Left photo shows flooded soil with regularly spaced out hop bines rising out of the water. Right photo shows long bines arrayed in rows, blurred by smoky air
Wildfires and floods could become more prevalent in some areas as the climate changes, affecting many crops, including aroma hops. Photos: Shaun Townsend.

SAH: What traits or characteristics do you focus on in your current breeding program? Do those traits or characteristics confer the ability to adapt to future climates, that could be warmer in all seasons, with increasing variability and extremes? Or could they be affected by changing climates?

ST: I focus on the usual suspects for Oregon, including yield potential, downy and powdery mildew resistance, aphid, mite, and looper resistance, coning habit (that is, the distribution of cones on the plant), and maturity date. I’m not aware of these traits being directly associated with climatic factors like heat tolerance, but they would certainly help the plant withstand some of the consequences. For example, I would expect insect populations to possibly be higher or perhaps a greater diversity of pests to be present with warmer winters so incorporating general pest resistance would help plants cope with this potential stress.

SAH: What trade-offs do you consider, or would you need to consider, in breeding for warmer conditions, longer frost-free periods, and likely wetter springs and winters, drier summers, and a shift in the availability of irrigation water to earlier in the year (as expected in much of the Pacific Northwest?

ST: One way to address these conditions would be to develop earlier maturing genotypes that can take advantage of this shift in irrigation water, and possibly avoid smoke-filled days like we had after Labor Day in 2020. The potential disadvantage would be a possible yield reduction due to a slightly shorter growing season. Typically, the early-maturing hop cultivars do not yield quite as well as later-maturing cultivars.

SAH: Are there resources – online tools, Extension or other publications, events, etc. – that you know of that can help agricultural professionals integrate climate change into their work assisting producers with variety choice? Or any resources you wish existed?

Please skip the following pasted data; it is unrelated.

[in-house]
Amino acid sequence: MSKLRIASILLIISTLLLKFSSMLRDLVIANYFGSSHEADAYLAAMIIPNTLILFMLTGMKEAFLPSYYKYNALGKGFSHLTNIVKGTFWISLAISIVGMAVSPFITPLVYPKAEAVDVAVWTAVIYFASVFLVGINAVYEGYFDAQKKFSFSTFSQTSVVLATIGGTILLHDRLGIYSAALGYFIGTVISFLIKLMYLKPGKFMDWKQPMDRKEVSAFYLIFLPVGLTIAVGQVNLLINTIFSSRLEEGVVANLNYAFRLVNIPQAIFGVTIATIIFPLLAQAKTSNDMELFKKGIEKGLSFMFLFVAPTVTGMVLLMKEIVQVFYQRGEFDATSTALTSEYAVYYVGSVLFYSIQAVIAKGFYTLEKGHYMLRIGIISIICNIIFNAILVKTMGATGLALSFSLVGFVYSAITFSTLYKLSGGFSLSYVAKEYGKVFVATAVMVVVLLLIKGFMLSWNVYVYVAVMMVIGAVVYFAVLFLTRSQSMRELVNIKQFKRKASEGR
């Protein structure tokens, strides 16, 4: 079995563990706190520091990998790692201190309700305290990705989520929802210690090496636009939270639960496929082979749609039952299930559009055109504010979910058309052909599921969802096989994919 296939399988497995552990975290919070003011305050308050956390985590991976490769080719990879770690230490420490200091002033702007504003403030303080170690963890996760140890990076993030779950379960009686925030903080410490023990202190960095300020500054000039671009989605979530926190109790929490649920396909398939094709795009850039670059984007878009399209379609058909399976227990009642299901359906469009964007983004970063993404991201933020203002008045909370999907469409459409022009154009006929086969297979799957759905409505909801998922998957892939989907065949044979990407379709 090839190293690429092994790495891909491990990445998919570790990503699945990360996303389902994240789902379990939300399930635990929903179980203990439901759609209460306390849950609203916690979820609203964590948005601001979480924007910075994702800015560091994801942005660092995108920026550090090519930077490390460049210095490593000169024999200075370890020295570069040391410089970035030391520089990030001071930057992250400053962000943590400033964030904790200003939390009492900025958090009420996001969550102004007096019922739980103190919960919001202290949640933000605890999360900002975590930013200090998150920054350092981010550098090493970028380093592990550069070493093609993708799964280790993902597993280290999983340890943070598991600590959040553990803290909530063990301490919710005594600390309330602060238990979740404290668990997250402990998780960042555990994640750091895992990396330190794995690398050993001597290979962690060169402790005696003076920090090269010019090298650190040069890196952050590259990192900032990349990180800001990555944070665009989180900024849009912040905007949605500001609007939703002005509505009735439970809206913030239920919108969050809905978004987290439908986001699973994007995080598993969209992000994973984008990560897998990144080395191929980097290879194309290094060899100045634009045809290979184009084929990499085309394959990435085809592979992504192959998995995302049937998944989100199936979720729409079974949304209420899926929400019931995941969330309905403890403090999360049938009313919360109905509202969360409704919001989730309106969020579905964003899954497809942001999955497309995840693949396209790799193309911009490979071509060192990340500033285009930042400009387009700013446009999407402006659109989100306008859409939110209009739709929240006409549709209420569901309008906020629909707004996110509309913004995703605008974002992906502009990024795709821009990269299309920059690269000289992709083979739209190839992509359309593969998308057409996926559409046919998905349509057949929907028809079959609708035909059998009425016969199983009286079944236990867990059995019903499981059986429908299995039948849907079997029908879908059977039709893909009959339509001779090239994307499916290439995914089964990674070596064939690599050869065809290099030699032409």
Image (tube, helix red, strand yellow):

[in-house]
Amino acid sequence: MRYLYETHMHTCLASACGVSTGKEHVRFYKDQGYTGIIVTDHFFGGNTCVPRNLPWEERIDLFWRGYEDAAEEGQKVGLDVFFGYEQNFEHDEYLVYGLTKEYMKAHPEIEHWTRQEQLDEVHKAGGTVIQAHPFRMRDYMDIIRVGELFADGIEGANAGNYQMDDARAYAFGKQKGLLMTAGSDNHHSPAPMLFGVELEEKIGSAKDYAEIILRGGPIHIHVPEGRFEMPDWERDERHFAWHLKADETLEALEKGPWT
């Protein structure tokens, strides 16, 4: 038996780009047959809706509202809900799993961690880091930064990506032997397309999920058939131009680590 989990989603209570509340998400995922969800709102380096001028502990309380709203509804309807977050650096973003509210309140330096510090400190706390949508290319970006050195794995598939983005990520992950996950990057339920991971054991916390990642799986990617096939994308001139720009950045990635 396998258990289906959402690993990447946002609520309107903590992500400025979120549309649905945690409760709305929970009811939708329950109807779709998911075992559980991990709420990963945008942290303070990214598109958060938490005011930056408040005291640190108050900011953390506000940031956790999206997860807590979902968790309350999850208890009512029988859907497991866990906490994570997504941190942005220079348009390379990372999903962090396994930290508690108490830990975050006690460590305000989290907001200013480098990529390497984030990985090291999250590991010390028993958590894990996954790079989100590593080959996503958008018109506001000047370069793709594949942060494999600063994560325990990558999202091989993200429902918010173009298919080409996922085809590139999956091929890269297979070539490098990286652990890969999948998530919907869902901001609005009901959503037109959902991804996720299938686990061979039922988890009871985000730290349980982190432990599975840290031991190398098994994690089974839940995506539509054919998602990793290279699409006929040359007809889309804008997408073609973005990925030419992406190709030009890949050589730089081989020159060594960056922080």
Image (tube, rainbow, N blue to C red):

ST: Not to my knowledge but this would be nice to have!

Large area covered in green hop cones
Hops drying, in preparation for future use in brewing beer. Photo: Oregon Department of Agriculture.

As we discussed wish lists, we came to what’s unique about aroma hops: beyond yield, beyond tolerance to diseases or climatic stresses, the sensory profile of aroma hops, and how that translates to specialty beers, is key. And unfortunately, how changes in the profiles of essential oils in hops impact flavor and aroma in the resulting beer (let alone how changes in agronomic practices and climatic and biological stresses affect these profiles) is extraordinarily complex, interrelated, and not yet well understood. If it were, it would open many doors, including to managing hops to influence flavor and aroma under “normal” conditions or, more importantly for this article, explore what impacts future heat stress, warm winters, or late-season droughts could have on flavor and aroma profiles. This is what it will take to breed aroma hops for the future, as their future depends on brewery—and beer consumers’—acceptance. Hats off to chemists, brewers, plant breeders and others working to tease out how it all works together.